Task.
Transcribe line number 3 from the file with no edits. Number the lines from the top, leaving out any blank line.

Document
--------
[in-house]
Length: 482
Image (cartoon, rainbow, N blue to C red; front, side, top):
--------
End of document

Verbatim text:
Image (cartoon, rainbow, N blue to C red; front, side, top):